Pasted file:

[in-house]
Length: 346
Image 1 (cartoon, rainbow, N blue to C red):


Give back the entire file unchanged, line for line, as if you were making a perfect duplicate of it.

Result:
[in-house]
Length: 346
Image 1 (cartoon, rainbow, N blue to C red):